Doctor of Philosophy
Theory and Criticism
This dissertation investigates contemporary speculative knowledge grounded in the immanence episteme, which is struggling to emerge as a foundation for a new kind of absolute knowledge. Regarding method, I use Michel Foucault’s concept of archaeology, situating archaeology in the context of deconstruction. In general, by delineating the various differences and genealogies within immanence theory, I show that immanence is neither a monolithic homogeneity nor a schizophrenic multiplicity but a coherent, if troubled, ground for speculative thought.
In Chapter 1, I define deconstruction as a broad philosophical project concerned with the order of knowledge and the University and its disciplines. I claim that deconstruction opposes the idea of universal order premised on equilibrium, complementariness, and discovery while proposing a different order premised on incompossibility, sense, and exteriority.
In Chapter 2, I elaborate on deconstruction’s alternative order of knowledge via Foucault’s archaeological texts and Gilles Deleuze’s early work on Hume. Specifically, I argue that Foucault and Deleuze mark the limits of reflexive, or self-ordering, knowledge, and I describe the twin procedure of simulation-dissimulation that all bodies of knowledge need to develop to achieve epistemological stability.
In Chapter 3, I carry out an archaeological analysis of biopolitics, a contemporary pseudo-discipline that has entered its reflexive phase while attempting to ascend to the status of an established discipline. Although biopolitics runs into the problems of self-ordering that Deleuze and Foucault described, its position as a pseudo-discipline provides biopolitics with speculative advantages and points to the episteme behind contemporary speculative knowledge: immanence.
In Chapter 4, I consider the research programs associated with the immanence episteme. Specifically, I identify three strongly speculative research programs: the “speculative everything” discourse, the “absolute speculation” discourse, and the “subtractive speculation” discourse.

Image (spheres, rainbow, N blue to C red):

In Chapter 5, I investigate the immanence episteme itself and distinguish two archaeological figures: immanence as plenitude and immanence as surplus. I find that the transition from immanence as plenitude, which is considered to be the dogmatic version of immanence, to immanence as surplus, which is what immanence theory is focused on today, is mediated by the following three stages: absolute immanence, complete immanence, and pure immanence.
Summary for Lay Audience
Today’s popular discourse emphasizes the importance of critical thinking, fact-checking, and pragmatic rationality, without paying attention to what makes such procedures possible. However, contemporary metaphysical philosophy is often hostile to said critical thinking, fact-checking, and pragmatic rationality, arguing, instead, for thinking that is radically creative and inclusive. In both cases, what predominates is a novel form of anti-intellectualism that dismisses reflexive thought in favor of immediately useful knowledge.
I argue that this problematic state of affairs can be better understood by remembering the deconstruction project that thrived between the ’40s and the ’70s. On the one hand, deconstruction showed that being critical necessarily involves being speculative—that is, criticism cannot help thinking beyond what is allowed by established facts and accumulated knowledge. On the other hand, deconstruction pointed out the acute problems that plague all reflexive thought, namely a tendency towards delirium (believing in fictions) and aphasia (the inability to establish order).
I claim that contemporary metaphysical philosophy writes in the shadow of deconstruction, having haphazardly internalized many deconstructive elements. The “post-knowledge” that metaphysics proposes today is, in general, an attempt to go beyond the limits of delirium and aphasia by developing a new theory regarding the foundations of reality. This new foundational theory is called immanence. According to immanence, reality has a single, knowable ground that supports an infinite, inexhaustible range of things to think about. Supposedly, such a single, inexhaustible ground not only reconciles philosophy with science and criticism with speculation but also promises a radically egalitarian politics.
Besides investigating the concept of immanence in more detail, I point out the multiple issues that arise when scholars propose a single and knowable ground for an infinity of unknowable things. I argue that such a paradoxical position, instead of creating an open and inclusive space for thinking, tends to result in a new kind of universalism and enclosure of thought. In the end, while acknowledging the advances made by immanence theory, I strike a cautionary note and suggest the importance of revisiting deconstruction before leaping ahead into the new speculative terrain.
Patkauskas, Justas, "An Archaeology of Contemporary Speculative Knowledge" (2020). Electronic Thesis and Dissertation Repository. 7417.
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